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Our Painted Lady butterflies have emerged! Most fascinating of all, they laid eggs that we were able to transplant onto a Hollyhock plant. If you missed our first post on observing our caterpillars as they went from tiny little beings to big and fat and moving into the chrysalis state, you may want to go back and read about that first.
Once our Painted Lady caterpillars went into the chrysalis state, we continued to make observations and predictions in our Observation Area. Each child predicted how long it would take the butterflies to emerge.
The Creek Kids observed: The chrysalids did sometimes vibrate and wiggle, but did not relocate. They did not grow. They did not change color. They pretty much stayed the same, until one day we came home and there was a single butterfly.
Soon after, we watched as another emerged. We felt so lucky to witness this. It’s usually hard to catch them popping out, as it’s normally quite fast. We surmised that this is nature’s way of protecting new butterflies from predators–they get out quickly and move right away.
They start to crawl towards the top of the cage, slowly unfurling their wings. They release meconium, the bright red birthing fluid. We noticed that they seemed to get more active after releasing the meconium. But then they rested. Being born is hard work.
Much later, they would come to eat the rotting fruit that we put in the bottom of their enclosure. They love bananas. They initially ignored oranges, strawberries and melon but then began to feed on those as well. We gave them more bananas.
I had several comments on our caterpillar post expressing concern about the fact that we handled our caterpillars. Commercial companies that provide live caterpillars for breeding butterflies advise against this, my readers informed me. Our experience is a bit different. Years ago, my father started a butterfly farm and my family is still breeding and selling live butterflies today. My kids and I have seen the behind-the-scenes work and know that by the time the caterpillars have arrived at our door, they have been delicately handled as both eggs and very new caterpillars.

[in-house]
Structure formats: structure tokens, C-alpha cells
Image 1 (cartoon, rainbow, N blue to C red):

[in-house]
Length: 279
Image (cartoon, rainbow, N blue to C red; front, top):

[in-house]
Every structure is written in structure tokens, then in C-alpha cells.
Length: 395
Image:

How We Carefully Handle Our Caterpillars
- We wash our hands.
- We wait until the caterpillars have grown to about 4cm before we pick them up.
- We only pick up one caterpillar, one time, simply for the sensory experience and to satisfy curiousity.
- We use an open palm or an outstretched finger and let the caterpillar move around however it wants.
- After a minute or two, back they go into their food containers with their friends, unharmed.
- We wash our hands again.
We also handle our butterflies, once they have hatched, unfurled their wings and appear to be moving about, rested from the birthing process. Butterflies in captivity can be handled, as long as it is delicately.
If you put a few drops of water on your fingers, the butterfly may stay awhile, drinking.
After a few days out of the chrysalids, the butterflies began mating. We encouraged them to lay eggs in captivity before releasing them. Painted lady butterflies love thistle and hollyhock plants.
We hung a few stems of thistle from the top of the butterfly cage, secured with safety pins, as our whole thistle plants were too large to fit. The butterflies laid their little bluish-green eggs, however most of the eggs wound up on the rotting bananas and cantaloupe. Whether the butterflies laid eggs on their food or the eggs fell from the hanging, quickly drying, thistle, we aren’t sure.
We carefully moved the eggs into a larger butterfly enclosure that we made, a wonderful idea we got from Amy at Mamascout. Here’s a peek at that. I’ll post about this phase of the project after the eggs (hopefully) hatch.
When our butterflies were 5 and 6 days out of their chrysalids, we released them. Here’s what you learn when you are the daughter of a Butterfly Farmer: Painted Lady butterflies, like most butterfly species, need it to be 70 degrees Fahrenheit or higher in order to fly, otherwise they will fall to the ground and are easy prey for birds. Releasing them where there are flowers may encourage them to stay close, at least for a few minutes. Or they may just decide to take off. You can do that if you’re a butterfly.
Here’s another thing you learn when your father turns a part of the house you grew up in into a butterfly farm: Genetic mutations are, unfortunately, common. A missing or reversed wing, a caterpillar that can’t fully emerge from it’s chrysalis. For those that do emerge, but are unable to fly well or properly, we place them in the flowering bushes and plants upon release. This will give them a chance to lay eggs, eat or at least have a bit of a nice life outdoors. Out in the open, they would be easy prey for birds and other predators.
We said goodbye to our butterflies and now we wait to see if their little eggs will hatch. Stay tuned!
To read more about our butterflies in the caterpillar stage, click here.
To read about our trip to the exotic butterfly exhibit, click here.
For more ideas about raising butterflies, see Plain Vanilla Mom’s Butterfly Link-Up.
Linking up with these great Linky Parties.